Those miss-placed canned goods changed the path of my entire day.
Good or bad my life was impacted, my choices influenced, resulting in me losing a little hope for a moment. Given the right situation that loss of hope could have had much more dire consequences. It could have been the proverbial straw that broke the camel’s back.
Thankfully for me it was just another stone on my path.
From that moment on I decided I would make a conscious effort to be aware of my choices and if or how they would affect others.
After that shopping trip I added another item to my “Plan”.
Only go shopping with a list.
I would write a list of what I NEEDED and shop for that. Once I was done with my list only then would I shop the aisles for other finds.
The result of this was a surprising stress release. I would get my eggs, potatoes, vegetables, ground beef, un-brined chicken, etc. and then walk to isles in search of other things. This way, bland or not, I knew I had a meal that night to make and anything else was a bonus.
That’s when it finally started to be fun for me. If I found something my mind would go to all the things I could make with it, even if I didn’t have all of the other ingredients it gave me hope that I could find them.
As time passed, I would find more and more hidden gems at the stores by me.
One of the tricks I learned early on was to think of sodium like money. If my limit was 2000 milligrams per day (2grams) or less then I would think of it as it were $2000 dollars. It’s funny, if I was asked to remember throughout the day what 70 plus 100, plus 50, plus 30, plus 250… and so on and so on, by the end of the day I would look at you cross eyed. You ask me how much money I have left after spending 70 bucks, 100 bucks, etc.… I would be spot on! So that’s what I do.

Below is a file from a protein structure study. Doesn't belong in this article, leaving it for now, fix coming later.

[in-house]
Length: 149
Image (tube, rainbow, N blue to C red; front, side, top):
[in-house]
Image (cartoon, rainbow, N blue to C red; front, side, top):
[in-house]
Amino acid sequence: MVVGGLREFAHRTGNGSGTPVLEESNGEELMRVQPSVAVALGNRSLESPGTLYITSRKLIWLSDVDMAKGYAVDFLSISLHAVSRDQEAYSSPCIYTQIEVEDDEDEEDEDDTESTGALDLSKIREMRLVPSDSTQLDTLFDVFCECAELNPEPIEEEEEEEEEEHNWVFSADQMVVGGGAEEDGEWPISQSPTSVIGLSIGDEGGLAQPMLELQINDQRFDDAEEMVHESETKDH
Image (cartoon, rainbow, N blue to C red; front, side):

Subsequently, I have found it a useful way to explain to others when they ask about my disease and restrictions.
Through all of this one of the most important things I have learned is that me and ONLY me can tell what is or is not good for my body. Others may discourage you, try to bring you down, or give you information they think is correct. Most of this stems from the fact that they are uneducated, which all of us used to be.
So instead of being mad, educate them.
If they do not want to be educated then let them live their life and you move on with yours.
The reason I wrote this is in an effort to help others by sharing my own trials. It is not an easy journey. I will say you are the only one that can dictate the outcome.
You will get exactly what you put in.
I have my cheat days and I suffer the consequences. There are good days and bad days. For the most part things have gotten WAAAYYYY easier. I no longer dread going to the store.